Which "huge trend to 64bit processors" should there be? The majority of
    all current desktop processors is already 64bit (and this for some time
    now). 64bit is already affordable for everyone, so what do you expect
    should happen? And despite the fact that the majority of systems sold is
    64bit already (except some ultra-cheap Celeron/Sempron systems) and also
    despite that Windowsxp x64 is out for over a year now there still are
    only few x64 applications - which is understandable since 64bit makes
    absolutely no sense for the majority of applications...

    > 4) The upgrade coupons are simply inevitable. The OEMs wait for 6 years for
    > Windows to give them an OS to spur sales and this OS has a ton of publicity
    > on what constitutes a Vista ready PC--both real and fictional. There has
    > been huge pressure on MSFT to provide this. The fact that MSFT hasn't been
    > particularly clear about what is a Vista ready PC--and that many specs tend
    > to convey your PC or your graphics card won't run Vista when it in fact can
    > run it well.


    For me the requirements for running Vista are very clear, I can't see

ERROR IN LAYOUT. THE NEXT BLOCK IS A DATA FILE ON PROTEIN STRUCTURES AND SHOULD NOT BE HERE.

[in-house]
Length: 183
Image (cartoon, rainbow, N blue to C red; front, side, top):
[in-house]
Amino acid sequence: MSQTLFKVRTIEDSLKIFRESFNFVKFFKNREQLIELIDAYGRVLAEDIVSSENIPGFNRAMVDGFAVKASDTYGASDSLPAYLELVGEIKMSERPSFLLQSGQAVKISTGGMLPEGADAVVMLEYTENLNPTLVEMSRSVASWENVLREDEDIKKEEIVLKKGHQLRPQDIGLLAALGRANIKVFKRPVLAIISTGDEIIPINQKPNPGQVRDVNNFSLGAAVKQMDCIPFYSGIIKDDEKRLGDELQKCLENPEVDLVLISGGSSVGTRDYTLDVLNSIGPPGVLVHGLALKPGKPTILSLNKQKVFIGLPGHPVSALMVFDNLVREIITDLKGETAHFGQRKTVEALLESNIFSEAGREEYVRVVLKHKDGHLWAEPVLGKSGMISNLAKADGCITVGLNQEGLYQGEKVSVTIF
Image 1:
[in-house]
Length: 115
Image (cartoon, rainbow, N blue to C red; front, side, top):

where all the fuzz is about. Every PC of the last 4 years or so should
    run Vista just fine (maybe it needs a bit more RAM), and if you want
    Aero Glass you need a DirectX9-capable gfx card which is standard for ~3
    years now.

    > 5) The huge problem that absolutely no one wants to discuss and MSFT hates
    > to have mentioned that OEM Recovery discs and partitions will not adequately
    > access Startup Repair and other modailities within Win RE will show up and
    > impact the millions of Vista OEM preinstalled users who are not part of a
    > company that handles this capability for them with custom installs, or
    > custom discs.


    Then you simply choosed the wrong system vendor. Nothing that MS is
    responsible for...

    > Right now it's correlate in Windows XP is that 99% of the time people cannot
    > do a repair install booting from the XP CD that they don't have from OEM.
    > And despite all the hoopla about recovery discs if you ever position
    > yourself on chats and newsgroups to help with a no boot XP this will smack
    > you in the face.


    All my HP systems came with a Recovery disk and a generic Windowsxp CD
    that can do repair just fine. I'm sure the Vista media from HP will have
    similar capabilities...

    Benjamin
    Benjamin Gawert, Jul 11, 2006
    #18
  19. Re: Price of PCs as Vista nears? Better than ever!

    > Which "huge trend to 64bit processors" should there be? The majority of
    > all current desktop processors is already 64bit (and this for some time
    > now). 64bit is already affordable for everyone, so what do you expect
    > should happen? And despite the fact that the majority of systems sold is
    > 64bit already (except some ultra-cheap Celeron/Sempron systems) and also
    > despite that Windowsxp x64 is out for over a year now there still are only
    > few x64 applications - which is understandable since 64bit makes